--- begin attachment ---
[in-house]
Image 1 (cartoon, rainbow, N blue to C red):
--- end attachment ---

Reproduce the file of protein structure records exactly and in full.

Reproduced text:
[in-house]
Image 1 (cartoon, rainbow, N blue to C red):